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AutoCAD Essentials is a multi-part series that takes a more modular approach to this massive program, used for everything from 2D and 3D CAD design, drafting, and modeling to architectural drawing and engineering projects. In this installment, author Jeff Bartels concentrates on the particulars of creating basic geometry in AutoCAD, including assigning imperial or metric units of measurement, using object snaps to control accuracy, and drawing and transforming basic lines and shapes. The last chapter in the course tests your newfound skills in a short project.
Using sketch lines can be an easy way to create object snaps for building new line work. Unfortunately, sketch lines have to be erased when they're no longer needed. In this lesson, we're going to look at temporary tracking, a tool that allows us to create geometry without the need for sketch lines. On my screen, I have a drawing of a typical front door, and to the left of it I have an unfinished drawing. Let me mention that this is an architectural example, so we will be entering our measurements using feet and inches. The goal in this lesson is to finish this drawing on the left by adding the doorknob and the deadbolt using the provided dimensions.
Before we get started, I'd let to take care of a little housekeeping. First, I'm going to come down to the Status bar and I'm going to turn my Dynamic Input back on, otherwise known as the heads-up display. Now, we can also toggle that using the F12 key. Also note that I am using Running Objects Snaps and I've currently selected endpoint, midpoint and center. Finally, I'm going to zoom in on the lower portion of the doors and I'll center these onscreen. We'll place the doorknob first. I know that the center of the doorknob measures three feet above the bottom of the door and two and a quarter inches from the left edge. To find this point in the drawing, I could come up and launch my Line command and I could snap to the corner of the door. I could lock my Ortho and pull this straight up three feet, Enter. I could then pull to the right a distance of 2-1/4 inches, Enter.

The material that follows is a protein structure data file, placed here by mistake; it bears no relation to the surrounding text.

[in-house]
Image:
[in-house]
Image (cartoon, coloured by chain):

I'll press Escape when I'm done. And this endpoint represents the center of this circle. Now, there's nothing wrong with this method. The only downside is I have to erase this geometry when I'm finished. Let's take these out. I'll do that by clicking each of these lines and I'll press the Delete key. I will also come down and turn my Ortho back off. Let's try and place the doorknob using Temporary Tracking. Using Temporary Tracking I, can simply show AutoCAD how to get to the desired point. I'll start by launching the Circle command and when AutoCAD asks for the center point, I'll type TK--this stands for Temporary Tracking-- and I'll press Enter.
Note that the Ortho is turned on automatically. All I have to do now is give AutoCAD the directions. So, I'll snap to the corner of the door. I will then pull straight up. In the event you're having difficulty pulling up using temporary tracking, simply hover over the object snap and then pull up. I'll come up three feet and I'll press Enter. I will then pull to the right, 2- 1/4 inches, Enter. Now that I'm where I want to be, I'll hit Enter to accept this location and then resume the Circle command. This circle has a diameter.
I'll select the Diameter suboption and I'll type 2-1/4 inches. As you can see, I was able to place the doorknob without the need for any sketch lines. Let's try and place the deadbolt using temporary tracking. I know it needs to be positioned to six inches above the doorknob. Once again, I'll launch the Circle command. At the center point prompt, I'll type TK and press Enter. My first tracking point will be the center of this circle. I'll pull straight up and I'll type six inches. I will then press Enter to accept this location and I'll give this circle a diameter of 2-3/8 inches. When it comes to locating points in space, consider using temporary tracking. By simply giving AutoCAD directions, you can easily place geometry without the need for sketch lines.
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